By Gustavo Arellano
By Aimee Murillo
By Matt Coker
By Vickie Chang
By Matt Coker
By LP Hastings
By Michael Goldstein
By R. Scott Moxley
Photo by Jack Gould"This is about being real," says the Record Industry Man who won't give his name. In the murky depths of a warehouse, all soft light and hard angles, he stands surrounded by enough overstuffed, left-leaning couches and cascading, foil wall decorations to suggest that David Lynch is hosting a Tupperware party.
Bands do not play here. That would be wrong. This is a warehouse designed and intended for the express purpose of housing wares. To do otherwise would only invite scrutiny and perhaps a hefty fine from the local authorities. It'd be foolhardy to have bands rehearse here, let artists show their works here, have actors put on plays here, for the entire place to become a confluence of art. It would be positively ill-advised to have a band on the verge of great things invite friends and family to watch them play a showcase here for the record industry men.
"This place is very genuine," says the Record Industry Man.
It's got a name, this place, and an address, but like a lot of places, they're better not mentioned.
"That would not be good," says Chris Hanlin, who says he was saved by the place while also making clear that none of this is taking place, just as he wants to make it clear he is not living in this place, and neither are the five other people who don't live there with him.
Hanlin's band, the Dibs, is about to take the stage here for tonight's record industry showcase that is not happening. The Dibs are a great band, favorably compared by close friends and casual observers to Creedence Clearwater Revival, Counting Crows, Tom Petty and just about any great American rock band of the past 30 years. Their music is smart and soulful and so accessible that more than a few think the Dibs could sell a lot of records. Which is why the Dibs have been (un)fortunate enough to have the tag "best band you've never heard" epoxied to them. Are they the best band you've never heard? Well, I've never met you, but yes.
But the Dibs are also a band from Long Beach, a city with a population bigger than Atlanta yet with just a handful of music clubs . . . what? The Lava Lounge just bit the dust? Make that three fingers. There are a lot of theories that might explain why the city government makes it so hard on club owners, ranging from its disdain of anything local to the lingering effects of a city that was once a playground for thousands of drunken, horny sailors.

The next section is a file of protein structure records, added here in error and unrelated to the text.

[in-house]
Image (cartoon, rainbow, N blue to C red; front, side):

Whatever the reason, bands in this town—and there are a lot of very good bands in this town—don't just have to burn their own CDs, create and tack up their own fliers, and take and distribute their own pretentious 8-by-10s, but they have been forced to create their own scene as well. The entire city is a labyrinth of underground venues like the one we are not in tonight.
"You put down the lid on something that's already flowing over, and it's just going to come out somewhere else," says Hanlin.
It's going to come out in back yards and industrial parks, basements and warehouses, with only word-of-mouth, e-mail or a strategically placed, colored light bulb to guide the devotees.
It's not unusual to be listening to a band in someone's back yard, glance around to see the police coming in the front door and glance back to see the band tossing their instruments—and themselves—over the fence. And yet the bands keep coming.
"I've heard of a place and rushed over there at 8 p.m., and I'd have to wait to get onstage, which is, like, maybe a corner of the room," says Rae Enrico of the band Pretty Ugly. "I've waited in line till 1 a.m. to play, then got off and walked outside past musicians still carrying their equipment into the place to get in line to play."
Being in a Long Beach band can make you want to tear your own head off. Of course, that makes it a perfect training ground for dealing with the record industry.
"There is only one rule in the music business," says Ljiljana Mazich, former lead singer of the Yugoslavian band Magazine and wife of Dibs' keyboardist Pete Mazich. "And that is that there are no rules. If you can't accept that, then you will go crazy."
"You roll with it," says Hanlin, who's experienced at that. Adopted as a child, he left Indiana when he found his girlfriend was sleeping with his best friend. He arrived in Long Beach 10 years ago in his mother's Cutlass and slept in a friend's living room on a lawn chair. He's been kicked out of bands, had others implode and been the kind of person a lot of people didn't particularly like, least of all himself.
But he changed when he came to this place, when he realized how little he could actually control—whether it was Long Beach, the record industry or songwriting (which he does best while nearly unconscious). So he changed, and when he did, his balance of determination and acceptance made him something of a patriarch.
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